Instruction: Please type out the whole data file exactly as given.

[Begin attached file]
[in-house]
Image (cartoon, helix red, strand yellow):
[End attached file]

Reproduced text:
[in-house]
Image (cartoon, helix red, strand yellow):